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Energy firms warned to watch what they say in marketing wind

The Vermont attorney general has expanded his warnings to the energy industry against using misleading marketing to now apply to all renewable energy, not just solar.

What the attorney general’s office calls a “guidance” tells utilities and producers they can’t sell energy’s renewable attributes to other entities while still telling their own customers that they, too, are purchasing renewable energy.

An assistant attorney general said the office had received complaints about the marketing of wind power in Vermont.

“Today’s guidance follows the earlier statement on solar energy projects and clarifies that all renewable energy projects must comply with the law and avoid deceptive marketing statements,” Attorney General William Sorrell said in the letter Wednesday.

The document pertains to energy producers who sell what are called renewable energy credits. Utilities purchase these credits to meet statutory minimums on renewable energy their portfolios must contain – much as Act 56 stipulates that Vermont utilities must get at least 10 percent of their energy from wind or solar generators by 2025.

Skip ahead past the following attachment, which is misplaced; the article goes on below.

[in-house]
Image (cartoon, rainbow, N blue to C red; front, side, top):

These companies typically build projects in Vermont but sell the electricity’s renewable energy credits out of state. Developers can’t sell these credits while claiming in marketing materials that these same projects are sources of renewable power for Vermonters, according to the original guidance letter, issued in December.

That letter dealt with solar projects. The latest one simply expands that same principle to all renewable energy production, said Assistant Attorney General Justin Kolber.

The attorney general’s office issued the letter because it had received complaints that wind developers were selling their renewable energy credits while claiming to provide renewable energy to Vermonters as well, Kolber said.